Guest Blog: Filmmaker Dan Newman
Times will change, let the waves take you.
It’s been a couple years since my last guest blog post, and a couple hundred thousand miles’ traveled in between now and then.
Since speaking last, I’ve traveled the world with musicians, produced over 3,500 videos, produced, directed, and shot a couple documentaries, picked up a full time gig and moved to the city of dreams, New York City.
Sounds like the dream right? Every dream comes with its sacrifice, but it’s all about perspective.
While I may hold a steady full time gig, I will never forget what got me here. I’d attribute my position now to living like I’m scraping for pennies and hustling just as hard as I was when I didn’t know how I’d pay for my next meal. Freelance life gives you a lifestyle of freedom, but a full time gig gives you both a lifestyle of freedom and financial freedom if you look at it from the right perspective.
Opportunity exists for everyone; you just need to be willing to put yourself out there. It most likely won’t be smooth, won’t be easy, but I can promise it will be worth it if you look at everything as an opportunity for growth rather than accepting ‘no’ as defeat and making that your identity.
I’ll give you a brief look into my story since we last spoke and we can pick up where we left off….
I’ll start with the idea that I’ve always lived by as long as I’ve been doing this thing called art.
In order to succeed, you need to approach freelance business with a calculated risk mentality.
Look at things as opportunities to grow, rather than a quick buck or freebie. Be safe, be logical, and play life like a game of chess. Set yourself up for success if you see the window for it.
During the summer of 2016, I was producing a few small projects for musicians and some small businesses (music videos, commercials, tutorials, etc.). These projects weren’t necessarily risks, more of safe plays that paid decently and got me through my next month of expenses.
The first most specific instance of taking a risk came via the world of music.
At the time I was holding down a full time position at a TV station in Tampa, Florida and felt like I wasn’t doing anything truly creative or challenging. So during my time outside of the office – I volunteered myself and my services to a band that had only played a single show.
I put myself on their radar months prior when they reached out to me about sharing a photo that I took. Conversations bloomed and an opportunity arose. I wanted to create and collaborate. All I wanted to do was let my creative juices flow, invest in the music scene that I loved, and support the community around me, with zero expectations of getting anything in return. My mindset at the time was, ‘If it worked, it worked – if not, it would have been a fun experience regardless, so let’s make the most of it.’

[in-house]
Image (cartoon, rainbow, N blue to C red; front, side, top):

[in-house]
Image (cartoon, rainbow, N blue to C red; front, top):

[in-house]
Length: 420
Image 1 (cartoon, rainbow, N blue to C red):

This band was ‘connected’ in a few different unique ways, but that never mattered – I just wanted to create, just as they wanted to perform. I offered to drive my car from Tampa to Orlando, Orlando to Atlanta, and Atlanta to Nashville, and back to Tampa (so I could make it back to my full time job on that Monday morning) to capture their first tour all for a grand total of NOTHING.
I spent nearly $300 on travel expenses plus an additional $300 on camera equipment rentals to film and produce the content I wanted to make. We didn’t have a set agreement, just my word and their gift of access to a life behind the scenes of a small touring band. With this given opportunity, I wanted to do everything possible to shine and let them know I was there to do work and share their story.
I proceeded to produce daily recaps of each of the shows, videos that would be shared on their social channels the morning/day after each performance. Along with those videos, I produced a 13-minute behind the scenes mini-doc.
Following the first show, one of the band members approached me with the idea of touring with his other band, Underoath, that following March. He proposed the idea to the rest of the band, shared what I was capturing and creating, and gave me the chance to prove myself with a small social campaign for the band later that fall. I hit the ground running.
The opportunity with Underoath developed into something special and a lot of other opportunities stemmed from that. Every risk you take comes with the opportunity to prove yourself and position yourself for further success; you can take it or leave it. You can just do the job to get it done or you can go the extra mile, exceed expectations, and do far more than what was asked of you in the first place. The biggest opportunity of my career at that point came when Underoath asked me produce, direct, and shoot their in-studio documentary for an album that no one knew they were making.